You might wonder then, “Well, what other categories would I look for in a job candidate?” One would be energy—what’s the person’s energy level? Are they going to bring energy to the task all the time they’re working on it? Another would be durability—does this person stick with projects? To repeat an earlier idea, focus on compounding, continuous returns to self-improvement. Does the person work well with others? This is critical in virtually all workplace endeavors, and is often much more important than intelligence. Another way of putting this is, how good is the person at using or relying on the intelligence of others? How good is the person at knowing when he or she does not have the right answer, and ought to go ask someone else? How well does a person understand the hierarchies in various social institutions? A lot of people can be smart or hard-working, but they’re maximizing along the wrong hierarchies. I have in mind, say, people who become champion gamers, or maybe what they do with their lives is play chess. That can work great if you’re at the very top of that distribution, but for a lot of people, those endeavors are maybe something they should give up for something more practical.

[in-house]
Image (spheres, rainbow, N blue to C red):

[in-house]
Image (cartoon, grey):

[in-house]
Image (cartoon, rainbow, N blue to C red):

So smarts and hard work aren’t enough. You need candidates who take the smarts, the hard work, the conscientiousness, the high energy level, and the ability to work well with others, and direct it toward the appropriate level of social organization—to get ahead for themselves and to add more value to your project.
If you’re interviewing someone who is potentially a team leader or a CEO or founding a startup, there’s a question I’m especially fond of: how ambitious are you? You want someone who is truly ambitious, but also understands where social value lies. It sounds like a silly question, but when you are asking people to spell out the details and enthusiasm of their ambition, you will learn something essential about them.
To listen to the audio version read by co-author Tyler Cowen, download the Next Big Idea App today: